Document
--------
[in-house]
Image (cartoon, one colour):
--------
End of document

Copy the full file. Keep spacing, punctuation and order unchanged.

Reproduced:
[in-house]
Image (cartoon, one colour):